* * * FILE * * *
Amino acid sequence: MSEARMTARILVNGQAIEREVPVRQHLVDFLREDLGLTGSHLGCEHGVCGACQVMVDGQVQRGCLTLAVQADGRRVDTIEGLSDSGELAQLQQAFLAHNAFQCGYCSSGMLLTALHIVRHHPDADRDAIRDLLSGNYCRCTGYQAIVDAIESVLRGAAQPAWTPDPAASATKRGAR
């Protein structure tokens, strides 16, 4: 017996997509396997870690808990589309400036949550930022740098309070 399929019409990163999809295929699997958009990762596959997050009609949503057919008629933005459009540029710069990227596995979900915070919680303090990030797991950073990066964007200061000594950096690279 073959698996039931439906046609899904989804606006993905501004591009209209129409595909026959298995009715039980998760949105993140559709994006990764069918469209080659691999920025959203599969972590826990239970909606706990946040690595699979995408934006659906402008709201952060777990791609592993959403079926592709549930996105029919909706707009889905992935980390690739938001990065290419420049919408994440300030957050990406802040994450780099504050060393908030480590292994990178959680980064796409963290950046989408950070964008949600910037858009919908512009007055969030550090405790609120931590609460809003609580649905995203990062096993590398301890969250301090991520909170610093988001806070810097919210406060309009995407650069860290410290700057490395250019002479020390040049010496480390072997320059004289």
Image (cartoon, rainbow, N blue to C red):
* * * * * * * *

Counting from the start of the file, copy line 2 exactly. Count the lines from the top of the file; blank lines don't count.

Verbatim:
């Protein structure tokens, strides 16, 4: 017996997509396997870690808990589309400036949550930022740098309070 399929019409990163999809295929699997958009990762596959997050009609949503057919008629933005459009540029710069990227596995979900915070919680303090990030797991950073990066964007200061000594950096690279 073959698996039931439906046609899904989804606006993905501004591009209209129409595909026959298995009715039980998760949105993140559709994006990764069918469209080659691999920025959203599969972590826990239970909606706990946040690595699979995408934006659906402008709201952060777990791609592993959403079926592709549930996105029919909706707009889905992935980390690739938001990065290419420049919408994440300030957050990406802040994450780099504050060393908030480590292994990178959680980064796409963290950046989408950070964008949600910037858009919908512009007055969030550090405790609120931590609460809003609580649905995203990062096993590398301890969250301090991520909170610093988001806070810097919210406060309009995407650069860290410290700057490395250019002479020390040049010496480390072997320059004289």